Plumbing and heating expert Richard Trethewey takes host Kevin O’Connor for an inside look at a water heater at the end of its life. Richard explains to Kevin how most folks don’t think about their water heaters until it’s too late, so he cuts open the tank to show Kevin what occurs inside.
Top 3 Reasons Why Water Heaters Fail
1. Steel and water don’t mix
The typical water heater in the U.S. is a gas-fired tank model consisting of a steel tank with a glass lining. While the glass serves to separate the water inside the tank from the steel, water will eventually make it through. When it does, the steel begins to oxidize (rust), leading to a breakdown of the materials in the tank. Indicators of this happening are rust around the flue passageway (essentially the tank’s chimney), and around the water outlet fittings.
But, the tank might look absolutely fine on the outside while being a total mess on the inside.
2. The inside is a mess
If someone were to cut open the average water heater once it’s past its serviceable life, they might startle at what they see inside. Rust, sediment, mineral build-up, and other general ugliness that floats around in potable water is gross. They might even notice what looks like a rotten growth hanging down from the underside of the tank. This is the anode, and it’s a sacrificial rod meant to save the tank from rot. Once it’s gone, the tank is next.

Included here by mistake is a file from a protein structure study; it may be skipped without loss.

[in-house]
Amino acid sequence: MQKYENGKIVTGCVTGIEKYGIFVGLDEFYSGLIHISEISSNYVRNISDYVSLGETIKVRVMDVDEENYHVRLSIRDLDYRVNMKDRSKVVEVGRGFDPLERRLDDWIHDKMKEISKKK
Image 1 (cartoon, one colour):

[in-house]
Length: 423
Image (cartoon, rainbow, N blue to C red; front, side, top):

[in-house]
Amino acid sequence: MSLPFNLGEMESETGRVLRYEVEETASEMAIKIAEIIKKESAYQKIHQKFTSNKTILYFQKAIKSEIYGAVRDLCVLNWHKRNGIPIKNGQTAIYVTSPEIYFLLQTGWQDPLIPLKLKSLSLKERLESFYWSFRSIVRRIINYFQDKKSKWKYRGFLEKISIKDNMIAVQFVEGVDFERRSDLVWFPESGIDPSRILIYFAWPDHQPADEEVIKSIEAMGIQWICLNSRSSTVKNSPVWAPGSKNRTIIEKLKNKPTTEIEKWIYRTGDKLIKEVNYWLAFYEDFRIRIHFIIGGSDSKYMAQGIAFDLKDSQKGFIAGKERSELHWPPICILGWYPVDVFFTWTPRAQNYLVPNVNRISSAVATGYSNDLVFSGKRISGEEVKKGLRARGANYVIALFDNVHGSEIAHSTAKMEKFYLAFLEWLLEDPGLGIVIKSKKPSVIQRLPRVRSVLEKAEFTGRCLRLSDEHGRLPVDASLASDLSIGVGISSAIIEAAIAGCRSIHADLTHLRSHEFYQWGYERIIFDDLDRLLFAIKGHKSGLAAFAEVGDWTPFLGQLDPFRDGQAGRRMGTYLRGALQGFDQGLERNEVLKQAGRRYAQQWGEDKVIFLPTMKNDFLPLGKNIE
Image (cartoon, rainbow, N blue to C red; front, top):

3. Corrosion happens
When a water heater is new, the interior of the tank is generally shiny and glazed. However, once the anode is devoured by corrosion, the water will start on the inside of the tank and its components. Also, as minerals in the water build-up, they form barnacle-type chunks of sediment and sink to the bottom of the tank.
Set Reasonable Expectations
Homeowners should set reasonable expectations for their water heater. Ten to 12 years is typically the max the average water heater can go unserviced. If the user changes the anode rod every 3 to 5 years, they may be able to expect 20 years from their water heater.
If a water heater is around those ages, homeowners should consider replacing it before the inevitable leak occurs.